5. Kumar A, Saha D, Kini J, Murali N, Chakraborti S, Adiga D. The role of discriminant functions in screening beta thalassemia trait and iron deficiency anemia among laboratory samples. J Lab Physicians. 2017;9(3):195-201. https://doi.org/10.4103/0974-2727.208256 PMid:28706390 PMCid:PMC5496298
  6. Seu MMV, Mose JC, Panigoro R, Sahiratmadja E. Anemia Prevalence after Iron Supplementation among Pregnant Women in Midwifes Practice of Primary Health Care Facilities in Eastern Indonesia. Anemia. 2019;2019:1413906. https://doi.org/10.1155/2019/1413906 PMid:31772773 PMCid:PMC6854238
  7. Li J, Xie XM, Liao C, Li DZ. Co-inheritance of α-thalassaemia and β-thalassaemia in a prenatal screening population in mainland China. J Med Screen. 2014;21(4):167-71. https://doi.org/10.1177/0969141314548203 PMid:25118159
  8. Baliyan M, Kumar M, Nangia A, Parakh N. Can RBC Indices be Used as screening test for beta-thalassemia in Indian antenatal women?. J Obstet Gynaecol India. 2019;69(6):495-500. https://doi.org/10.1007/s13224-019-01220-8 PMid:31844363 PMCid:PMC6889085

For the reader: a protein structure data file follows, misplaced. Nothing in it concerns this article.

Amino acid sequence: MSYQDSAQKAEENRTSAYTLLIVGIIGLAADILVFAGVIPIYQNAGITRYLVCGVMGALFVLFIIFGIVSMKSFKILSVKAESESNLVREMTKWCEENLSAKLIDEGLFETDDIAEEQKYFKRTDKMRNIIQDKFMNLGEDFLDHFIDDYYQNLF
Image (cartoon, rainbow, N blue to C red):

9. Ansari SH, Baig N, Shamsi TS, Saif-ur-Rehman, Ansari ZH, Behar Z, Perveen K, Erum S, Bukhari ZR, Khan MT, Akbar M. Screening immediate family members for carrier identification and counseling: a cost-effective and practical approach. J Pak Med Assoc. 2012;62(12):1314-7.
  10. Sahiratmadja E, Maskoen AM, Effendy DSH, Panigoro R. Exploring the willingness for carrier screening among extended family members of a thalassemia carrier individual: a lesson learned. J of Biomed & Clin Sci 2017;2(2): 8-10 (Special Issue)
  11. Hashemizadeh H, Noori R. Premarital Screening of Beta Thalassemia Minor in north-east of Iran. Iran J Ped Hematol Oncol. 2013;3(1):210-5.
  12. Amato A, Cappabianca MP, Lerone M, Colosimo A, Grisanti P, Ponzini D, Di Biagio P, Perri M, Gianni D, Rinaldi S, Piscitelli R. Carrier screening for inherited haemoglobin disorders among secondary school students and young adults in Latium, Italy. J Community Genet. 2014;5(3):265-8. https://doi.org/10.1007/s12687-013-0171-z PMid:24163007 PMCid:PMC4059842
  13. Gupta V, Sharma P, Jora R, Amandeep M, Kumar A. Screening for thalassemia carrier status in pregnancy and prenatal diagnosis. Indian Pediatr. 2015;52(9):808-9.
  14. Koren A, Profeta L, Zalman L, Palmor H, Levin C, Zamir RB, Shalev S, Blondheim O. Prevention of β Thalassemia in Northern Israel - a Cost-Benefit Analysis. Mediterr J Hematol Infect Dis. 2014;6(1):e2014012. https://doi.org/10.4084/mjhid.2014.012 PMid:24678389 PMCid:PMC3965716 

[TOP]